Bit by bit the drinks industry divorced itself from producers. Disgruntlement with the main maltster resulted in some growers ceasing production during a time of demand expansion. As a result, the company expanded its geographical footprint to source barley from Cork to Donegal and many counties in between.

Also as a crop walk were Jim Treacy (RIP) Rockwell College, Dermot O'Leary, Cork, John O'Mahony, Waterford (former IFA grain chairman) and Denis Feighery who farmed in Meath.

This has again changed the structure of intake which has moved back to local intake points around the country.

Distilling had become an increasing market requirement over the past two decades and this caused considerable strife at times as technical specifications differed for brewing and distilling. An increasing focus on sustainability at manufacturing level brought the distilling sector into closer contact with growers again and the market has begun to reward growers for specific marketable criteria around sustainability.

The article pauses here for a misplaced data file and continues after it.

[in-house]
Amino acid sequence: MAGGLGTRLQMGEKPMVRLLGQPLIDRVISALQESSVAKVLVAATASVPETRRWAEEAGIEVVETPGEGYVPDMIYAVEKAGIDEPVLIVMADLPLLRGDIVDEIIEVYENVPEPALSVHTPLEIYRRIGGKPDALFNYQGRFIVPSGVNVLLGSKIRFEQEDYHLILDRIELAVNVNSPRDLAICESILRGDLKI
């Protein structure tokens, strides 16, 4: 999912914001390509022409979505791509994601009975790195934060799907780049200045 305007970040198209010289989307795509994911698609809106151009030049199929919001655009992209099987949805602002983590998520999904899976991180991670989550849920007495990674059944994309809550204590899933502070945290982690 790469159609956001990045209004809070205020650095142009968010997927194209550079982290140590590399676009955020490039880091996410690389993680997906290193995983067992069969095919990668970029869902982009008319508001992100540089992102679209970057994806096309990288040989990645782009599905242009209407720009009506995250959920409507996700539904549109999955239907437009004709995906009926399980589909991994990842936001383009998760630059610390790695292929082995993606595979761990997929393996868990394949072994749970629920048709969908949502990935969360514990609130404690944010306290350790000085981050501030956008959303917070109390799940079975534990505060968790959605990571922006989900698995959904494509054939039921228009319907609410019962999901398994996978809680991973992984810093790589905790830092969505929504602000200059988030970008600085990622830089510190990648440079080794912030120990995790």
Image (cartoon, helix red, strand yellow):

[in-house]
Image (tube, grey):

Our native milling industry ceased in the late 1990s, even prior to sugar. The takeover of our flour mills by foreign companies quickly resulted in the closure of all but one mill in Portarlington in the south. Those companies then opted to mill abroad and sent in the flour to Irish customers. We are still totally dependent on imports for industrial flour.

In brief

  • Over the past four decades, policy has moved from incentivising production to almost demonising some aspects of it.
  • We have seen considerable change in our most troublesome weed flora in that period.
  • One-pass systems, cultivator drills, non-inversion systems and the use of GPS represented technological advancements across the decades.
  • While the bulk of our grain is still used for animal feed, our malting market has seen considerable change and the flour milling sector ceased in the late 1990s.